First impression on unpacking the Q702 test unit was the solid feel and clean, minimalist styling.
- — 27 September, 2007 11:45
- First things first: why do you want one?
- How digital cameras work
- Photo Terminology
- Camera features
- Image Compression
The weight of the digital camera should also be a consideration when you're looking at buying one. Those who plan to travel with it, for example, may find that a lighter model is easier to carry around. Also, the physical size of the camera can be a persuading factor: you may prefer one which fits in your pocket to one you have to carry in a bag.
The majority of digital cameras weigh between 200g and 800g, although several lightweight cameras come in at a trim 150g. Be aware that a light camera will most likely have fewer features - and can wear a more expensive price tag.
You should also keep in mind whether the camera has a viewfinder or not. Basically all modern digital cameras come with LCD screens to frame the shot, except D-SLRs which use a different technology that prohibits them from doing this (note: some new D-SLR models circumvent this, allowing you to use the LCD for live review, but these are few and far between). This does however mean many basic units skip the inclusion of a viewfinder all together. So if you're a film traditionalist, or just like the feel of composing a shot using the viewfinder, then this will be an important consideration.
Few cameras come with truly valuable image editing software, such as Adobe Photoshop Elements or Ulead PhotoImpact. However, you will find that most cameras include software programs as part of the retail cost. This software is enough to keep you busy once you have taken your photos. You will find some of the software is third party, while others are developed in-house by the camera manufacturer.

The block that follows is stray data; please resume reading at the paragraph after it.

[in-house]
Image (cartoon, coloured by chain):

The types of software you will see varies. For example, you may get video image editing software that can turn your photos into slide show presentations in AVI, MPEG, and EXE formats. Other software may allow you to edit and retouch your photos, then add special effects or place them in cards, calendars, frames and templates. You can even remove red eyes from pictures. Or, your camera may also come with software that allows you to create your own photo album using your digital photos or even convert your album for uploading to the Web. See here for an example of imaging software in action.
If you are interested in the software, research the camera you have in mind and then check the specs, where you should find any bundled software. If you are unsure what the software does, just copy the name of it in a search engine - and a quick search will yield all the info you need.